I've always taken inspiration from traditional Bonsai and Kokedama art forms. These tiny hanging plants are the result. They can be hung singly or in groupings.
Most of the plants I use are easy to care for, drought resistant succulents, and have the same requirements: Bright light and well draining soil.
Watering - Soil should be allowed to dry completely in between watering. When you do water, make sure the soil is soaked through until water runs out of the drainage hole. Most microgardens, being between 1 and 3 inches, should need watering once a week.
Exceptions - Some in the collection have more specific needs, and are listed below:
Air Plant - Air plants are epiphytes, which means they grow without soil, and get their water and nutrients from the air around them. To water, submerge the plant and let it soak for 1 hour, once a week, or mist 2-3 times a week. They prefer bright, filtered light instead of direct sunlight, as they can sunburn easily. You can fertilize them every month or so in the warmer months by mixing a small amount of water soluble plant fertilizer, like that used for orchids, in with the water when you soak them.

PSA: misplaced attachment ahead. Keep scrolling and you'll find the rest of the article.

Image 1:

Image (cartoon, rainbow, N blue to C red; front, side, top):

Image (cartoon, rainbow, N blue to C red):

Peperomia - A member of the pepper family, it is a small, hardy semi succulent with hundreds of cultivars. It thrives in bright, indirect light, say from an East or West facing window. Direct sunlight can burn the leaves. Water when the soil becomes dry, once or twice a week. Over watering can cause root rot.
Baby's Tears - A cascading evergreen, it has lots of tiny, lobe shaped leaves. This one does best with moist soil, and should be watered twice weekly.
Airplane Plant - Also called 'spider plant,' this one does well with bright, indirect light and moist soil.